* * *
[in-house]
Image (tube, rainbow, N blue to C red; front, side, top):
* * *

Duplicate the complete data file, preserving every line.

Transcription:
[in-house]
Image (tube, rainbow, N blue to C red; front, side, top):